Gear Review: Altra Lone Peak 4 RSM

We have a few seasons in Montana: First Snow, Winter Mud, Snow II, False Spring, Second Winter, Real Spring, Big Mud, and Summer. And back to the start. This means the season for dry trails is limited, and protective, durable footwear is a must for anyone who leaves their house in any months except July and August. The Altra Lone Peak 4 RSM is Altra’s rugged, waterproof update to the thru-hiker favorite Lone Peak.

The Altra Lone Peak is the most popular shoe on the Appalachian Trail, and this version ups the ante as part of Altra’s All-Weather series. This model comes with a waterproof, breathable upper (RSM = Rain Snow Mud) built with eVent, ideal for hikers and runners who need a shoe they can wear through the ickiest trail conditions and weather. The Lone Peak 4 features upgrades like beefier materials on the upper, a heftier outsole, and reinforced toe protection.

Altra Lone Peak 4 RSM At-a-Glance

Model: Altra Lone Peak 4 RSM
MSRP: $150
Style: Low-rise, waterproof trail running shoe
Intended Purpose: Trail running, hiking
Cushioning: Moderate through the midsole; rock plate


Zero-drop platform: The Zero-drop platform means the heel and toe are at the same level. Wearing zero-drop shoes doesn’t take much getting used to, and I find them more comfortable than conventional trail runners, which have a drop of around ten millimeters (with the heel being higher than the toe). Zero-drop platforms are supposed to reduce the impact of footstrikes.

Wide toe box: Altra calls this the FootShape Toe Box, for obvious reasons. The wider toe box allows spread of the toes, along with better grip and stability on steep ascents and descents.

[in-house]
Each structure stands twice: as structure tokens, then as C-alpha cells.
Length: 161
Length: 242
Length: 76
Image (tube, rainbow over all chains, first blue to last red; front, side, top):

Gaiter trap(s): There are gaiter attachments everywhere you look on this shoe. A hook-and-loop closure on the heel counter, a D-ring at the base of the laces, and two attachments on the inside and outside of the upper.

One of four points to secure gaiters.

Waterproof-breathable upper: This is the RSM part of the model. The eVent membrane is a waterproof, breathable membrane with billions of microscopic pores. These allow water vapor to escape from sweaty feet (breathable) without letting water droplets in (waterproof). Check out eVent’s technology page to learn more.

More rugged outsole: The MaxTrac is Altra’s multidirectional outsole with their proprietary TrailClaw. This helps with grip and traction across a variety of tread. The lugs right under the forefoot are set at an angle to aid in traction at the push-off part of the stride to help prevent sliding backwards with each stride.

Deliberate lug construction and placement for increased grip and stability.

Reinforced toe cap: My last pair of Lone Peaks lost their protective toe cap after a season on the trail, and this one is showing no signs of dying anytime soon. I’m a clumsy hiker / runner with a low-to-the-ground stride, so I always appreciate more durability and protection through the toe as I stumble and trip on everything.

A Rundown on Altra

Image: Altra Running